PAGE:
Fecal microbiota transplantation from high caloric-fed donors alters glucose metabolism in recipient mice, independently of adiposity or exercise status
Zoll, J and Read, MN and Heywood, SE and Estevez, E and Marshall, JPS and Kammoun, HL and Allen, TL and Holmes, AJ and Febbraio, MA and Henstridge, DC, Fecal microbiota transplantation from high caloric-fed donors alters glucose metabolism in recipient mice, independently of adiposity or exercise status, American Journal of Physiology: Endocrinology and Metabolism, 319, (1) pp. E203-E216. ISSN 0193-1849 (2020) [Refereed Article]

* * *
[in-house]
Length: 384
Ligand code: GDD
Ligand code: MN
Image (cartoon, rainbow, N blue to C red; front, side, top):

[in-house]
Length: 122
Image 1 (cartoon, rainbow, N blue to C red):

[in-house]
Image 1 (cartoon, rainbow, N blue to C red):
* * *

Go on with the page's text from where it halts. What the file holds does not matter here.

Studies suggest the gut microbiota contributes to the development of obesity and metabolic syndrome. Exercise alters microbiota composition and diversity and is protective of these maladies. We tested whether the protective metabolic effects of exercise are mediated through fecal components through assessment of body composition and metabolism in recipients of fecal microbiota transplantation (FMT) from exercise-trained (ET) mice fed normal or high-energy diets. Donor C57BL/6J mice were fed a chow or high-fat, high-sucrose diet (HFHS) for 4 wk to induce obesity and glucose intolerance. Mice were divided into sedentary (Sed) or ET groups (6 wk treadmill-based ET) while maintaining their diets, resulting in four donor groups: chow sedentary (NC-Sed) or ET (NC-ET) and HFHS sedentary (HFHS-Sed) or ET (HFHS-ET). Chow-fed recipient mice were gavaged with feces from the respective donor groups weekly, creating four groups (NC-Sed-R, NC-ET-R, HFHS-Sed-R, HFHS-ET-R), and body composition and metabolism were assessed. The HFHS diet led to glucose intolerance and obesity in the donors, whereas exercise training (ET) restrained adiposity and improved glucose tolerance. No donor group FMT altered recipient body composition. Despite unaltered adiposity, glucose levels were disrupted when challenged in mice receiving feces from HFHS-fed donors, irrespective of donor-ET status, with a decrease in insulin-stimulated glucose clearance into white adipose tissue and large intestine and specific changes in the recipientís microbiota composition observed. FMT can transmit HFHS-induced disrupted glucose metabolism to recipient mice independently of any change in adiposity. However, the protective metabolic effect of ET on glucose metabolism is not mediated through fecal factors.